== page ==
Stephane Angers

Associate Dean, Research
Canada Research Chair in Functional Architecture of Signal Transduction Complexes

Functional Architecture of Signal Transduction Protein Complexes

Our research program combines integrative biochemistry, molecular biology and cellular biology approaches with new tools in mass spectrometry and proteomics to characterize the function of novel proteins within signal transduction complexes.

We are principally interested into two main areas of research:

1. The study of signal transduction initiated by the Wnt and Hedgehog families of growth factors:

Wnt and Hedgehog are secreted glycoproteins with essential roles during development but also in the adult for the control of cell proliferation, determination of cell fate and cell survival. Their importance is best revealed in the case of several human cancers where mutations are found within proteins of their corresponding signalling pathways. We are studying the molecular processes by which Wnt and Hedgehog signals are integrated in cells to produce the desired biological response. Using mass spectrometry based proteomic approaches; we are identifying new proteins acting in these pathways and are characterizing their functions.

2. The study of the Cullin families of E3 ubiquitin ligases:

The molecular machineries underlying cell division and many growth factor signalling pathways, including Wnt and Hedgehog, are tightly regulated by ubiquitin-mediated events. Several human cancers have thus been associated with defects in ubiquitination. Cullin-RING ubiquitin ligases (CRL) form the largest family of E3 ubiquitin ligases in humans. CRL are modular protein complexes composed of a scaffolding Cullin molecule, the RING containing protein Roc1 and of a substrate specific receptor protein. Each of the five major Cullin families in humans utilizes a different family of substrate specific receptors. Using proteomic methodologies we have recently identified a family of roughly 30 WD40 domain containing proteins that serves as substrate specific receptors for Cullin-4. We are currently studying the cellular function of these proteins and ultimately trying to identify the cellular substrates for this class of E3 ligase.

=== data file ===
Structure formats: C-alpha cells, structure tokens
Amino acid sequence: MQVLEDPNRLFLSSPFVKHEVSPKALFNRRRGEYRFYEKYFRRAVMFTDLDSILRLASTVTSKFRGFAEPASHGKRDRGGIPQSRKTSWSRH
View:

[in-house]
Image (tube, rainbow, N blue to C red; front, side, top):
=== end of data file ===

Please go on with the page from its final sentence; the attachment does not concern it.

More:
Publications at PubMed for Stephane Angers

Leslie Dan Faculty of Pharmacy
University of Toronto
144 College Street
Toronto, Ontario, M5S 3M2
Tel: 416-978-4939